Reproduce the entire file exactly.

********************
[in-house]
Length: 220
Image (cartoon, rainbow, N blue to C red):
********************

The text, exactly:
[in-house]
Length: 220
Image (cartoon, rainbow, N blue to C red):